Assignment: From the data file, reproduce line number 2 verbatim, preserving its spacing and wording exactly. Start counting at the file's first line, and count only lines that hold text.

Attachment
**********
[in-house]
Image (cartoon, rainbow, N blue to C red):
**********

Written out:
Image (cartoon, rainbow, N blue to C red):